016: Active vs Passive Tension

biomechanics passive stretching Aug 24, 2021

A muscle called upon by the nervous system to do work is known as an "active" muscle. Activated muscles create force by pulling on their attachments, which connect them to bones, thereby enabling them to move the joints. Muscles only pull - they never push - so they can only produce tensile (pulling) forces. Tensile force is also known as tension, and two types arise in muscles: active and passive tension.

Active tension is the force created by the actin and myosin filaments sliding past each other in the sarcomeres of working muscles. Producing active tension requires chemical energy input, which is stored in adenosine triphosphate (ATP).

Passive tension is the force created by elongating the connective tissue elements within the muscle-tendon unit. It occurs when an agonist contracts and causes its antagonist to lengthen, such as raising one's leg to the front by flexing the hip (agonist) and stretching the hamstring group (antagonist).

Passive tension also occurs when the antagonist elongates without the active input of the agonist, such as sliding into a relaxed split without contracting the shortening muscles. Passive tension is the familiar resistance to stretch that is felt when the muscle-tendon unit resists against elongation.

Passive tension can reach very high levels - more so than active tension - and some researchers have postulated that it might be responsible for muscle weakness following stretching (Simic et al., 2013). Passive tension does not contribute to muscle forces during normal movement in the middle range of joint motion, but it does become a significant factor during low-force movements, in neuromuscular disorders, and towards the end of range of motion (Siegler & Moskowitz, 1984; Muraoka et al., 2005; Lamontagne et al., 2000).

Passive tension of the muscle-tendon unit is the main limiter of movement at the extreme limits of joint range of motion. The increase in passive tension is most evident in multi-joint muscles lengthened to their fullest at all the joints they cross, thus preventing the full range of motion at one or more joints. In the biomedical literature, this phenomenon is called "passive insufficiency."

A classic example is the hamstring muscle group (which crosses the hip and knee) during a straight leg raise; maximally flexing the hip makes the full extension of the knee joint extremely difficult for most people. Insufficient hamstring flexibility could lead to poor performance or heightened risk of injury during movements requiring maximal hip flexion and knee extension, such as a front kick in martial arts.

The primary goal of flexibility training is to create change in passive tension by altering the stiffness of the muscle (its intrinsic resistance to stretch), increasing fascicle length, or improving one's ability to tolerate higher levels of passive tension (Nakamura et al., 2020; Freitas & Mil-Homens, 2015; Law et al., 2009). An active counterpart to passive insufficiency (imaginatively called active insufficiency) will be discussed in a future blog post.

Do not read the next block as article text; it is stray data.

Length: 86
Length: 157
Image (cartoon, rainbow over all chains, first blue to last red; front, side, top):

Simic, L. et al. (2013) Does Pre-Exercise Static Stretching Inhibit Maximal Muscle Performance? A Meta-Analytic Review. Scandinavian Journal of Medicine & Science in Sports vol. 23, no. 2, pp. 131-148.

Siegler, S. & Moskowitz, G. D. (1984) Passive and Active Components of the Internal Moment Developed About the Ankle Joint During Human Ambulation. Journal of Biomechanics vol. 17, no. 9, pp. 647-652.

Muraoka, T. et al. (2005) Estimation of Passive Ankle Joint Moment During Standing and Walking. Journal of Applied Biomechanics vol. 21, no. 1, pp. 72-84.

Lamontagne, A. et al. (2000) Contribution of Passive Stiffness to Ankle Plantar Flexor Moment During Gait After Stroke. Archive of Physical Medicine and Rehabilitation vol. 81, no. 3, pp. 351-358.

Nakamura, M. et al. (2020) Effects of Static Stretching Programs Performed at Different Volume-Equated Weekly Frequencies on Passive Properties of Muscle-Tendon Unit. Journal of Biomechanics vol. 103, article 109670.

Freitas, S. R. & Mil-Homens, P. (2015) Effect of 8-Week High-Intensity Stretching Training on Biceps Femoris Architecture. Journal of Strength and Conditioning Research vol. 29, no. 6, pp. 1737-1740.

Law, R. Y. W. et al. (2009) Stretch Exercises Increase Tolerance to Stretch in Patients with Chronic Musculoskeletal Pain: A Randomised Controlled Trial. Physical Therapy vol. 89, no. 10, pp. 1016-1026.